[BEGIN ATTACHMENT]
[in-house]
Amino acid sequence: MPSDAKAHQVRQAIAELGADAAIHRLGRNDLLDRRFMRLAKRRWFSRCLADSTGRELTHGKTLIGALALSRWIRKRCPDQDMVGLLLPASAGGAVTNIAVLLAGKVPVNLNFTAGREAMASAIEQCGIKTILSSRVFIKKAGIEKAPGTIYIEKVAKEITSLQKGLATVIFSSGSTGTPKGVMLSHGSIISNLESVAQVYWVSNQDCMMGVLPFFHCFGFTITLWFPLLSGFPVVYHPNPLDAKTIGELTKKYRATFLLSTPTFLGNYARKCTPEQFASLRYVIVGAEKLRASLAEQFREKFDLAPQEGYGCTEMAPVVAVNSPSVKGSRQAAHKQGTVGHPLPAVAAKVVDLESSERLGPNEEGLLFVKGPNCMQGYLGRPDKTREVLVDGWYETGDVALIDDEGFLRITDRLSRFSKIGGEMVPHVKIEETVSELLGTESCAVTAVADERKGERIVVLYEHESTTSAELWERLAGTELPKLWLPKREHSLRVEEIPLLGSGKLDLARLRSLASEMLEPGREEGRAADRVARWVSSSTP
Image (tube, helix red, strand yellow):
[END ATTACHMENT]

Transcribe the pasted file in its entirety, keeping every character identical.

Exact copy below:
[in-house]
Amino acid sequence: MPSDAKAHQVRQAIAELGADAAIHRLGRNDLLDRRFMRLAKRRWFSRCLADSTGRELTHGKTLIGALALSRWIRKRCPDQDMVGLLLPASAGGAVTNIAVLLAGKVPVNLNFTAGREAMASAIEQCGIKTILSSRVFIKKAGIEKAPGTIYIEKVAKEITSLQKGLATVIFSSGSTGTPKGVMLSHGSIISNLESVAQVYWVSNQDCMMGVLPFFHCFGFTITLWFPLLSGFPVVYHPNPLDAKTIGELTKKYRATFLLSTPTFLGNYARKCTPEQFASLRYVIVGAEKLRASLAEQFREKFDLAPQEGYGCTEMAPVVAVNSPSVKGSRQAAHKQGTVGHPLPAVAAKVVDLESSERLGPNEEGLLFVKGPNCMQGYLGRPDKTREVLVDGWYETGDVALIDDEGFLRITDRLSRFSKIGGEMVPHVKIEETVSELLGTESCAVTAVADERKGERIVVLYEHESTTSAELWERLAGTELPKLWLPKREHSLRVEEIPLLGSGKLDLARLRSLASEMLEPGREEGRAADRVARWVSSSTP
Image (tube, helix red, strand yellow):